So far, the performance differences between CCD and CMOS imagers have been discussed. It cannot be taken for granted that business decisions are purely based on performance trade-offs. To many business decision-makers, value or the performance received for the price paid, is what matters more.
Leverage, volume, yield, and the number of devices per wafer all affect cost
As the cost picture can be complex, only a few important points are discussed.
First, leverage is key. Obviously, imagers that are readily available on the market will cost much less than a complete custom imager, irrespective of whether it is a CCD or a CMOS imager. When customization is required, unless the change is minor, it is usually more economical to develop a custom CCD than it is to develop a custom CMOS imager. CMOS uses more expensive deep submicron masks and hence it is generally more expensive to develop a CMOS imager. Also, much more circuitry is required to design a CMOS device. Consequently, even in applications where a custom CMOS imager evidently performs better, the value proposition can still lean towards a custom CCD.
Secondly, volume matters. While the cost to develop a new CMOS imager is relatively higher, CMOS imagers that can leverage from larger economies of scale will cost lower per unit. Where high volumes are concerned, a low unit cost can be financially more vital than a low development cost.
Third, supply security is important. It can be very costly if left with a product that is designed around an imager which is no longer of use. Despite having a better value proposition, it may be wiser to decide on the company which is best able to produce the imager –CCD or CMOS – long term.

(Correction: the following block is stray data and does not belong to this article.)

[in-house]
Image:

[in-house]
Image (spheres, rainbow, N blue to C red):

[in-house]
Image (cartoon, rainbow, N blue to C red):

Selecting the right imager for an application is not an easy job. Different applications demand different requirements. These requirements impose limitations that affect both price and performance. Due to these complexities, it is indeed impossible to make a universal statement about CCD versus CMOS imagers for all applications.
CMOS area and line scan imagers perform better than CCDs in most visible imaging applications. CMOS TDIs are outperformed by TDI CCDs, in high-speed, low-light level applications. When there is a need to image in the NIR, CCDs can be a more suitable option for certain area and line scan applications. To image in the UV, the surface treatment post backside thinning is key, as is the global shutter requirement. The need for very low noise brings in new constraints, with CMOS generally still outperforming CCDs at high readout speeds. The price-performance trade-off can favor either CMOS or CCD imagers, based on leverage, volume, and supply security.
This information has been sourced, reviewed and adapted from materials provided by Teledyne DALSA.
For more information on this source, please visit Teledyne DALSA.